8 Tips for Staying Safe On the Internet

safe on the internet

Easy ways to protect yourself online

You only have to take a look around while walking down the street to know that the internet age has well and truly arrived. People glued to their smartphones, reading Facebook posts, sending WhatsApp messages back and forth, checking out news sites… even while away from the computer, we’re on the internet all the time.

But that easy connectivity with the entire planet comes with some risks. The internet is as important to people today as newspapers were for previous generations. As you login to sites to browse, buy and watch, you’re counting on nobody else being able to see your stuff except you.

But your personal information can be incredibly useful to people with sinister intentions. And if your login details get compromised, the end result could be someone in a foreign country buying a ton of stuff on your credit card, or your bank account being drained of all its cash.

And then there’s the new danger of what’s called “ransomware” – a virus that pops up an alert telling you that your files have been locked and asking for a substantial amount of cash to unlock them.

Sounds pretty scary, right? Well, the good news is you can easily avoid any of this happening to you. You just need to make Internet safety a priority. It’ll cost you nothing, and can help ensure that you never have to tell your friends “I’ve been hacked!”

Use a Strong Password

There’s more people than you’d think using really, really simple passwords. If you’ve chosen “password” as your password, or maybe “ABC123”, then you’re one of them. Your password is the prime method of defence against other people getting into your stuff, so you want to make sure it’s one that’s really, really hard to guess. That doesn’t mean your new password has to be something like “gD5&%21o5_k” – you ideally want a password that’s hard to guess, but easy for you (and you alone) to remember. No, don’t use things like your birth date – that can be easily guessed if your birthday is known to the world via Facebook. But come up with passwords that make sense to you – words you’ll remember.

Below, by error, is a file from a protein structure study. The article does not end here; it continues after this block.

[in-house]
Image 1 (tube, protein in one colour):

Use a Unique Password

This tip is very simple but very, very important – never, ever use the same password on different sites or services. If you do, it only takes one hack, leak or slip and the person that has your email/password combination for Netflix suddenly has access to everything you log into. You don’t want that. Use a method for making your passwords unique that you can easily remember but nobody can guess – or alternatively, use one of the excellent password manager apps that are around. 1password is one of the best – available for almost every mobile platform as well as PC/Mac, it (and other apps like it) let you set one single “master password” to get into the app, where you can store all your passwords for any time you forget one.

Watch Out for Email Scams